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Jeff Merkley on War & Peace

Democratic Jr Senator (OR)

 


Staying in Afghanistan will not make America safer

Last month President Obama announced plans for withdrawing by next summer the approximately 30,000 American troops sent to Afghanistan as part of the 2009 surge. We commend the president for sticking to the July date he had outlined for beginning the withdrawal. However, his plan would not remove all regular combat troops until 2014. We believe the US is capable of achieving this goal by the end of 2012. America would be more secure and stronger economically if we recognized that we have largely achieved our objectives in Afghanistan and moved aggressively to bring our troops and tax dollars home.

Sometimes our national security warrants extreme sacrifices. In this case, however, there is little reason to believe that the continuing commitment of tens of thousands of troops on a sprawling nation-building mission in Afghanistan will make America safer. Al Qaeda's presence in Afghanistan has been greatly diminished. Al Qaeda has a much larger presence in a number of other nations.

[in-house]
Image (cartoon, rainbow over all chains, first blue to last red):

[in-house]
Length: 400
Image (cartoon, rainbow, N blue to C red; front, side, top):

Source: 2011 official Senate press release, "Let's Not Linger" , Jul 4, 2011

Opposed Iraq war from the very beginning, against Party

When the candidates were asked where their stance differs from their own party’s, Merkley mentioned having opposed the Iraq war from the very beginning. When Smith challenged that assertion, Merkley shot back. “You know about that speech, yet you choose to mislead the citizens of this state,” he said. “We are mired in war. We are mired in debt.”
Source: 2008 Oregon Senate Debate reported by AP on KATU , Oct 9, 2008

Signed onto “A Responsible Plan to End the War in Iraq”

Jeff was the first US Senate candidate to sign onto “A Responsible Plan to End the War in Iraq”. The strategy to end the war and bring our sons and daughters home was authored by several distinguished military experts. Jeff has laid out a 5-point path fo stability in the region that will redeploy American combat troops and engage the Iraqis in rebuilding their country.
    To secure the peace, Americans can’t be seen as an occupying force, so removing them from patrols and checkpoints should be job one. Iraqis must feel they have a stake in their own future to move forward. Jeff’s 5-point path includes:
  1. Remove all combat troops starting right away and completing the redeployment in 6 to 12 months;